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Drinking It In: Eliminating Single-Use Plastic Bottles

Rethink the Drink started in 2010 with a simple concept: provide schools with an alternative to single-use plastic water bottles and see if habit change followed. Four years later, we are proud to report that habit change is indeed possible. There are now 39 water refill stations in schools and community facilities across Santa Barbara County, and they have been used more than 870,000 times. Creating a single plastic water bottle emits 2.6 pounds of carbon dioxide, thus the amount of carbon dioxide emissions mitigated by our refill stations is more than 2 million pounds.

Rethink the Drink has been proud to partner with the Orfalea Foundation since the program began. Orfalea’s support has led to collaborations with other groups, including this year’s partnership with Vapur and 1% for the Planet . Together, these organizations provided 12 refill stations and 7,500 Vapur reusable bottles for Santa Barbara County schools. The UCSB Associated Students Coastal Fund, the Johnson Ohana Charitable Foundation and Citrix also provided support that allowed the program to add five additional stations to schools in Goleta and Santa Barbara.

There are now refill stations in nearly every public school in the Santa Barbara School District, and the Goleta Union School District will be fully equipped by the fall of 2014. The Lompoc School District has nine stations and Buellton, Solvang and Guadalupe each have two.

Sharon Baird, Food Services Director in Goleta, can already see the positive effects of Rethink the Drink. “Goleta Union School District students and teachers are drinking more water and participating in saving our environment by not buying plastic one-use water bottles. By drinking more water, they drink less soda and other high-sugar beverages, and they are establishing a positive habit that helps them stay healthy while contributing to the longevity of our planet. It’s truly a win, win, win!”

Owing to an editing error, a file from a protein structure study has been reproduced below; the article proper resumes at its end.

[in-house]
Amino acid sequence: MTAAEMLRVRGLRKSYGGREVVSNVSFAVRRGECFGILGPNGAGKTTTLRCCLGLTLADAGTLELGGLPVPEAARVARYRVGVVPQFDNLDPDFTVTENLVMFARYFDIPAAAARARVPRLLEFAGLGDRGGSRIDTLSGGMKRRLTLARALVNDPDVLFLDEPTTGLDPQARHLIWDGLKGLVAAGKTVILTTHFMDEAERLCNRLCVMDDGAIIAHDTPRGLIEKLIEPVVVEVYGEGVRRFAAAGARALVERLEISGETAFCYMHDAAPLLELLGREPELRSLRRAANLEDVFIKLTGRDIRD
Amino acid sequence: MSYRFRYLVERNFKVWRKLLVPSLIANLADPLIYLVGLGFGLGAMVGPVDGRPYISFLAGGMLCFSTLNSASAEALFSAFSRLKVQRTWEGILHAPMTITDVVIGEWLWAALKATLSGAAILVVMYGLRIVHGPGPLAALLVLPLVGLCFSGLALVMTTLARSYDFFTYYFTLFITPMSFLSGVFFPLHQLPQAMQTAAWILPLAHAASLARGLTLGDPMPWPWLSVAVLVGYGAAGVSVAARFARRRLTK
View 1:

CEC’s Rethink the Drink program is part of our Ditch Plastic initiative. Single-use plastic products have become a global issue, as they are having serious, widespread environmental impacts. Lightweight by design, single-use plastic often ends up as unintentional litter that flows into our waterways and to the ocean. Once in the ocean, plastic breaks down into such small segments that pieces from a single one-liter plastic bottle could end up on every mile of beach throughout the world. And the volume of this plastic litter is staggering. In Los Angeles alone, ten metric tons of plastic fragments are carried into the Pacific Ocean every day.

Efforts are underway to understand the impacts of plastics in the ocean, but one thing is clear: until we stop the flow of plastic into our oceans, we will not be able to clean it all up. Since 80 percent of all marine plastic begins on land, changing consumer habits is the most effective solution. Bring your own reusable bags everywhere you shop. Bring your own insulated water bottle or cup to coffee shops. Or take a true coffee break by enjoying a beverage in a ‘for here’ mug. When grocery shopping, choose products with the least amount of packaging and buy 100% recycled paper goods. Pack waste-free lunches for school and the office. Only by reducing our dependence on single-use plastics can we begin to stem the tide of plastic polluting our waterways.

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